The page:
Milgram’s Obedience Experiment (Upper-Intermediate)

ESL/EFL Level: Upper-Intermediate (B2/C1)
Lesson Topics: Obedience, Authority, Ethics
Skill Focus: Reading, Speaking, Vocabulary
Approximate Class Time: 2 hours
Lesson Plan Download: milgram-experiment-upper-intermediate-032024.docx
Lesson Overview:

  • After warm-up questions, students read a 200-word passage. The passage is a simplified (B2/C1) version of the commentary from a short video (2:17 m) on Stanley Milgram's famous experiment on obedience. After reading the passage, watch the short video so your students can get a better sense of how the experiment was conducted. The video outlines a fascinating study from the 1960s that shows that regular people, when under pressure, will obey authority instead of their own conscience.
  • After comprehension questions, students match vocabulary from the video to definitions and then  form discussion questions using the target vocabulary.
  • There is one debate topic about the value of such psychological studies that would be deemed unethical today due to the stress they put on participants.
  • The two role-plays in this scenario are on heavy topics. The first, based on true events, relates to a hoax phone call ordering restaurant managers to strip search their employees. The second is a discussion between two parents about giving their child immunizations/vaccinations. Teachers, please pre-read this section and ensure it is appropriate for your class.
  • Next is a list of five scenarios (some light-hearted) designed to measure a person's level of obedience in different situations.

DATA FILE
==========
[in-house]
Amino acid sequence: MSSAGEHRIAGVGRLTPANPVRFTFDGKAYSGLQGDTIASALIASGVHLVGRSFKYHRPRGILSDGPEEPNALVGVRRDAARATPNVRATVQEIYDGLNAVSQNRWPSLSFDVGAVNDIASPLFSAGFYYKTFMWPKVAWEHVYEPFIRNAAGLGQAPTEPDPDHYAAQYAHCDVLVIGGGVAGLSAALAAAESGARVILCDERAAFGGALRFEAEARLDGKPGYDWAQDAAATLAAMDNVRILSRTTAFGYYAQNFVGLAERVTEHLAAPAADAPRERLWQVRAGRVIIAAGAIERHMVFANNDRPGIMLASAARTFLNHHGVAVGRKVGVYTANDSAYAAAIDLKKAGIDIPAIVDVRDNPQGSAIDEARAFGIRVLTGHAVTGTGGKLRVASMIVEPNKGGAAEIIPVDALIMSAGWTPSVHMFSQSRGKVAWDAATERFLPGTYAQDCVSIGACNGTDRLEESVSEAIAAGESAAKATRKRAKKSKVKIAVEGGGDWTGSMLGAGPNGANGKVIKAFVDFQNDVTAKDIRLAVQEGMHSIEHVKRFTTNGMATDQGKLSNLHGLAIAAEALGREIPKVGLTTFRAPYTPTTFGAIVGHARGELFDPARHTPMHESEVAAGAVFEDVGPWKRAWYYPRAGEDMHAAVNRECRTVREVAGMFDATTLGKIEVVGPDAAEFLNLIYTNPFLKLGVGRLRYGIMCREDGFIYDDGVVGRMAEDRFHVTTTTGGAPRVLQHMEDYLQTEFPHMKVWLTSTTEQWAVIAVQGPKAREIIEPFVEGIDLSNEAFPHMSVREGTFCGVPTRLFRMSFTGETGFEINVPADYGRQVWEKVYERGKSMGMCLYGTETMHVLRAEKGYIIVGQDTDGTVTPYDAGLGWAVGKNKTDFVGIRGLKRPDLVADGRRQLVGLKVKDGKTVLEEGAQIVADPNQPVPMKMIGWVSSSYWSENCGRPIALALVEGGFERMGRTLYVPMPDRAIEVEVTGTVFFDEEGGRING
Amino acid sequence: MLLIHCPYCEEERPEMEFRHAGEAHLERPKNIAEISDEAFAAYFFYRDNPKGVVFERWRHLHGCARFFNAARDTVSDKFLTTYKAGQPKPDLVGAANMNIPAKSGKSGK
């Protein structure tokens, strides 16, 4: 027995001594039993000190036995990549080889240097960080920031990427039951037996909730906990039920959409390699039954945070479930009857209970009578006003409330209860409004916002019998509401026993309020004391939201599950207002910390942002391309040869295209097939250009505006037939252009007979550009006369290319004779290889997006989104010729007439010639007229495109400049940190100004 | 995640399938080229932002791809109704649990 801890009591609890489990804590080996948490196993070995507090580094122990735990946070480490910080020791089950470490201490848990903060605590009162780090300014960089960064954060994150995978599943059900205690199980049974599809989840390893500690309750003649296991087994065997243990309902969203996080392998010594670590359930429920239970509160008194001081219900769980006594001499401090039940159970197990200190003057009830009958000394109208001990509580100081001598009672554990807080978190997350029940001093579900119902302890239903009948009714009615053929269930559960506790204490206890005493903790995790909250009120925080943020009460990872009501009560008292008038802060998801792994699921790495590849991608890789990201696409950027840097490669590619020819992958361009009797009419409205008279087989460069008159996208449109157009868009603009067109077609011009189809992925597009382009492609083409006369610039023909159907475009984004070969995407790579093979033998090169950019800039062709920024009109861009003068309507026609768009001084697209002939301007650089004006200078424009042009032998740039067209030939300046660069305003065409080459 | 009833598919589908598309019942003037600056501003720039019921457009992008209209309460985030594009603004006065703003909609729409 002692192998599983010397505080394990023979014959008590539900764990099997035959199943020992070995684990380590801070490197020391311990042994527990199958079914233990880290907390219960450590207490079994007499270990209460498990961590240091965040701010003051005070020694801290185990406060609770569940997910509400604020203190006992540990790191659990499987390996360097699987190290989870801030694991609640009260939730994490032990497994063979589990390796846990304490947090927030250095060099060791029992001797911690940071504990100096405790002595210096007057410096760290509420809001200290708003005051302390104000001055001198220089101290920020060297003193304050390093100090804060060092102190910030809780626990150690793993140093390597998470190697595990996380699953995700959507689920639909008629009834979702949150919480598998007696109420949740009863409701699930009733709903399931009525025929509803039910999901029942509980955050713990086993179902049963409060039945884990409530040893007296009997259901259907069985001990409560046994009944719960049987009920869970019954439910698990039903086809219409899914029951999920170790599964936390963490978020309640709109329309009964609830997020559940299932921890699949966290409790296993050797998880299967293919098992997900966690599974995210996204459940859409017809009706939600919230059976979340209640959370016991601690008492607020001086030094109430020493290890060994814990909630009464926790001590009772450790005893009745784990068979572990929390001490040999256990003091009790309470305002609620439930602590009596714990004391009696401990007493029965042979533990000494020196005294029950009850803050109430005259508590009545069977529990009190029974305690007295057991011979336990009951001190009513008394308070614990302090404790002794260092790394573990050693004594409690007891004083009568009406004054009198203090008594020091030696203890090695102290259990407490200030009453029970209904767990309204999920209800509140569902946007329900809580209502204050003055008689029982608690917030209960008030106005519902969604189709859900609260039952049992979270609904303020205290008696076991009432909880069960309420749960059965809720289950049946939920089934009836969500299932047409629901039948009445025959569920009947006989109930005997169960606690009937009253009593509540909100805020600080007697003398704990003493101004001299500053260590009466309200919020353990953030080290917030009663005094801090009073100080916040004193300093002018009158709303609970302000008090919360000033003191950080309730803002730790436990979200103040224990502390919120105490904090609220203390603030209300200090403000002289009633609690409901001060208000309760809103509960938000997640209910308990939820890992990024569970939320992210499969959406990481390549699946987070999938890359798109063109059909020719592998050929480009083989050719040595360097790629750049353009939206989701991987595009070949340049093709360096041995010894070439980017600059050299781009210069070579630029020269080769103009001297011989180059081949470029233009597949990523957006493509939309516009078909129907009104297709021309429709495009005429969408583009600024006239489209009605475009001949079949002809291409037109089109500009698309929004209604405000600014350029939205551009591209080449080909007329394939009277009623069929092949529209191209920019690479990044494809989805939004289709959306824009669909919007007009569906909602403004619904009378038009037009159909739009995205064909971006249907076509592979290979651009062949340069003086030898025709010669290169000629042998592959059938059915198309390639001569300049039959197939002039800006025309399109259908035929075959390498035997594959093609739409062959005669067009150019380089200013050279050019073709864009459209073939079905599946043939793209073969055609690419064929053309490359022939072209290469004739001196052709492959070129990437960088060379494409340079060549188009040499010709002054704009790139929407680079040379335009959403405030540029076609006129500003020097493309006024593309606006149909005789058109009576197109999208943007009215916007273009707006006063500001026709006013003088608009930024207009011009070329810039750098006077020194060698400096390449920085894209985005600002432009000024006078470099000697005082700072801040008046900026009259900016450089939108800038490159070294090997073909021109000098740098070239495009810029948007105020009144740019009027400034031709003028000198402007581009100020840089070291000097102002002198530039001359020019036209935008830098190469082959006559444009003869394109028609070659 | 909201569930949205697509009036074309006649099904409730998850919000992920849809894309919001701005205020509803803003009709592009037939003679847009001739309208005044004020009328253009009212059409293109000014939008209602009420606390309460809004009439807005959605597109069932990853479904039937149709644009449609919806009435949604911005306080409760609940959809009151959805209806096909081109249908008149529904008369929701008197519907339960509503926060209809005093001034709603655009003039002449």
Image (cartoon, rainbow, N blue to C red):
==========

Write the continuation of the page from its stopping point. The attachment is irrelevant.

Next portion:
• This is followed by some famous quotations about obedience and authority. The lesson ends with a review of vocabulary and collocations before presenting some final discussion questions.

An authority figure in a white coat talking to a seated study participant

UPPER-INTERMEDIATE (B2/C1) Lesson Plan on Milgram’s Experiment


  1. Do you listen to your parents when you were a child?
  2. Describe a time when you did not listen to an authority figure (someone who has more power or status than you) like a boss or a teacher. Why did you not listen?
  3. Do you think generally that people are good or bad?
  4. In general, do you think you are a moral person? Why do you think so?

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This lesson plan was created by Matthew Barton of (copyright). Site members may photocopy and edit the file for their classes. Permission is not given to rebrand the lesson, redistribute it on another platform, or sell it as part of commercial course curriculum. ChatGPT was used to generate answer keys and some famous quotations. For questions, contact the author. 

Vocabulary Answer key: 1-c, 2-b, 3-k, 4-a, 5-d, 6-j, 7-I, 8-h, 9-f, 10-e, 11-g

Comprehension Question Answer Key

  1. The study shows that a significant number of people are willing to obey authority figures, even when asked to perform acts that conflict with their personal conscience and ethical standards.
  2. Participants were told that the study was designed as research to improve memory. The study was actually about measuring obedience to authority.
  3. Milgram was interested in understanding how individuals could be compelled to obey authority figures to the point of committing atrocities, as was seen in the Holocaust.
  4. Authority, Obedience, Conscience (Other possible answers include Ethics, Compliance, Autonomy, etc.)
  5. Modern ethical standards for psychological research require informed consent, full disclosure, and the prevention of psychological harm. Milgram's study would be considered unethical today as it could cause significant psychological distress and deception.

Collocations 1-e, 2-a, 3-b, 4-d, 5-c


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